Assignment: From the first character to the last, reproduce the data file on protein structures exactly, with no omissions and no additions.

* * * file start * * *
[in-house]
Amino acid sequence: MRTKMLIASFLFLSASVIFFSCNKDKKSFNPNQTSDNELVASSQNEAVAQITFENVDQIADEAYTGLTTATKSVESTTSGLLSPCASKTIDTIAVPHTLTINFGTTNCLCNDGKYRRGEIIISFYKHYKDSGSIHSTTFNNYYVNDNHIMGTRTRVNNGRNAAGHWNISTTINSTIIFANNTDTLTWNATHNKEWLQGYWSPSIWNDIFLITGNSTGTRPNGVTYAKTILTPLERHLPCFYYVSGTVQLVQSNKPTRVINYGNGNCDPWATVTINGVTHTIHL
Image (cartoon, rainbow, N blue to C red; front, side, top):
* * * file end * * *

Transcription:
[in-house]
Amino acid sequence: MRTKMLIASFLFLSASVIFFSCNKDKKSFNPNQTSDNELVASSQNEAVAQITFENVDQIADEAYTGLTTATKSVESTTSGLLSPCASKTIDTIAVPHTLTINFGTTNCLCNDGKYRRGEIIISFYKHYKDSGSIHSTTFNNYYVNDNHIMGTRTRVNNGRNAAGHWNISTTINSTIIFANNTDTLTWNATHNKEWLQGYWSPSIWNDIFLITGNSTGTRPNGVTYAKTILTPLERHLPCFYYVSGTVQLVQSNKPTRVINYGNGNCDPWATVTINGVTHTIHL
Image (cartoon, rainbow, N blue to C red; front, side, top):